The New Guidelines For Breastfeeding

The last time the American Academy of Pediatrics updated the breastfeeding guidelines was in 2005. Yesterday, the AAP released an updated version reaffirming its stance on the importance of breastfeeding and set new guidelines and recommendations for parents and care givers.

breastfeeding infant

Duration of breastfeeding

The AAP recommends that mother and child should breastfeed for "one year or longer as mutually desired by mother and infant" -- which has not changed since the 2005 statement. Popular breast pump manufacturer Hygeia wants people to know that while the AAP has now removed the second part of the 2005 statement, which said "there is no upper limit to the duration of breastfeeding and no evidence of psychological or developmental harm from breastfeeding into the third year of life or longer," the World Health Organization still recommends that children continue to be breastfed until age two or beyond.

Starting solid foods

One of the big changes to the new breastfeeding guidelines is the recommendation to exclusively breastfeed for "about six months" before introducing solids. Before yesterday's statement, the AAP's guideline for introducing solid foods was between four and six months.

Breastfed babies and growth charts

All babies are charted on a growth chart at well-check appointments, but as of yesterday, the AAP is recognizing that breastfed babies "should be compared to the World Health Organization Growth Curve Standards to avoid mislabeling infants as underweight or failing to thrive."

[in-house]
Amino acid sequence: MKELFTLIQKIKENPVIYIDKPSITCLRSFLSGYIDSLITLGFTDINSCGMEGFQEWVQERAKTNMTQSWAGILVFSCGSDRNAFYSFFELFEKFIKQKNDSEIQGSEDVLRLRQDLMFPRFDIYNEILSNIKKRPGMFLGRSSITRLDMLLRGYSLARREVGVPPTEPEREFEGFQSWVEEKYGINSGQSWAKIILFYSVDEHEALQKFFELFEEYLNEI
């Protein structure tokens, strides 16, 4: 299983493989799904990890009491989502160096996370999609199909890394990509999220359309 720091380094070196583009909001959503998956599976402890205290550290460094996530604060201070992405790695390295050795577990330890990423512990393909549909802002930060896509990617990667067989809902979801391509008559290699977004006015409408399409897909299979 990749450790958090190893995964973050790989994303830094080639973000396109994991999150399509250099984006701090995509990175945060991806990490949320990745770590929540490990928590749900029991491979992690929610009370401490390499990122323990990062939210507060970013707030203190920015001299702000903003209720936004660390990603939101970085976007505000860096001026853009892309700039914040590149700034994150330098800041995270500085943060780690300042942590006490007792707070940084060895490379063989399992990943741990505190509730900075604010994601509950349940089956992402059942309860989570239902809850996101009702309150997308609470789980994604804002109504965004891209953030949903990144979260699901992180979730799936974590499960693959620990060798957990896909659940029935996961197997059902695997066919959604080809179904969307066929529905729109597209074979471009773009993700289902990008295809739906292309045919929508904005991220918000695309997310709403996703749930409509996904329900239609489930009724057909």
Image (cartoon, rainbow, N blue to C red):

This will hopefully help avoid the added stress and pressures of breastfeeding for new mothers and provide the necessary encouragement to continue breastfeeding. I know so many women that were asked to supplement or told to quit breastfeeding because their babies were in a low percentage for weight on the standard growth chart and in danger of "failure to thrive."

More support for breastfeeding

In the newest statement, the AAP notes "breastfeeding and human milk [are] the normative standards for infant feeding and nutrition." With all the short term and long term documented information about breastfeeding and the neurodevelopmental advantages, the AAP is reaffirming their stance on the importance of breastfeeding -- making it known that infant feeding and nutrition is a public health issue, not a lifestyle choice.

Also in the new statement, the AAP is calling for added support and advocacy from hospitals and pediatricians by urging care providers to follow the American Academy of Pediatrics endorsed "10 Steps to Successful Breastfeeding," set in place by the World Health Organization and UNICEF. The steps outline the health risks of not breastfeeding along with the economic benefits to society of breastfeeding.

Source: AAP

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Tags: aap

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